Dreaming of the future can be a fun and daunting task that we often do. All of the hopes and aspirations bundled like a warm jacket keeping us cozy on a cold night. In the back of our minds fear creeps ever so slowly, then it finally makes its appearance. Sometimes it comes in the form of discouraging words or failed attempts by fellow peers with the same ambitions.
Recently, I was part of a Skype conversation with some friends, talking about dreams and discovered The Girl Effect. This movement was put together by the Nike Foundation and has had a profound impact on my paradigm of life.
I watched the stories of 5 young girls who realized what their dreams were and began making steps toward it, except for one. This left me unsettled.
These last two months of living in the Philippines I’ve seen young children playing and enjoying life on the streets every day. I can only imagine what they dream of accomplishing when they get older. But what if they aren’t able to achieve them because of life’s circumstances or the inability to further their education due to the lack of resources?
This question was the very thing that led me down a long spiraling path of reassessment. Reassessment of my life and how I choose to perceive it. I was given the tools and luxury of attending school, not only just public school, but a private High School. I learned what my strengths and weakness were and made plans to work on what needed to be fixed. I fixed some of those things and started dreaming of the bright future that I envisioned.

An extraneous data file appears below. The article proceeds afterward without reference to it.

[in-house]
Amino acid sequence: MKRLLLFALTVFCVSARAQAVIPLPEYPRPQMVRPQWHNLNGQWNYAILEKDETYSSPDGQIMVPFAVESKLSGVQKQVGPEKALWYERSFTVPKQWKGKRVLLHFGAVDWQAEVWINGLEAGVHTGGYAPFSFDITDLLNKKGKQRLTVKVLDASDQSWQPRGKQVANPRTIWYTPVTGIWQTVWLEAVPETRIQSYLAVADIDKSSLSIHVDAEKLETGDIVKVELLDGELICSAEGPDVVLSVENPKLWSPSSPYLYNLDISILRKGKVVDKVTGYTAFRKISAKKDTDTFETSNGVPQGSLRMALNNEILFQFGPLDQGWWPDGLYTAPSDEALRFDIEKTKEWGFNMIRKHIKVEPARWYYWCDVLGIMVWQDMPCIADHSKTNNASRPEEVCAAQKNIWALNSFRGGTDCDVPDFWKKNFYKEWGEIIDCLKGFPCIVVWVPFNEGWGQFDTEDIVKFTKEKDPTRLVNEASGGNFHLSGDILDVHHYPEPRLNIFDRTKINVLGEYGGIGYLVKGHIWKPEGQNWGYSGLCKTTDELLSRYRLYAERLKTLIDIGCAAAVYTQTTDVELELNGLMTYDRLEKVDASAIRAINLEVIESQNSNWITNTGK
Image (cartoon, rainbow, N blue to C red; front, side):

Thinking back of how blessed I was, the word selfish ran across my mind. SELFISH. Don’t know why it came across my mind, but it sat there and I began to unravel what that word meant to me.
(of a person, action, or motive) Lacking consideration for others; concerned chiefly with one’s own personal profit or pleasure. (Got this definition here).
From the definition above, I realized that I lived a life of selfishness for a long time. I never did anything without figuring out how it would benefit me and give me leverage to something I wanted. But when I got what I wanted, I never shared how I got it, thus learning I was selfish.
Now I’m not trying to put myself down because of my outlook on life when I was in high school, but rather discouraged that I wasn’t aware of what I was doing. I was setting myself up for failure thinking that everyone had the same opportunities as I had to get what they wanted in life.
I was completely wrong. As I sat through my first two years of college, I saw friends move schools and make other big life decisions and quickly learned that there was a system in place that can stop someone from achieving their dreams.
But millions of young people outside of the US don’t have the luxury of even making it to college to realize their dreams can’t come true. It just stops.
to be continued…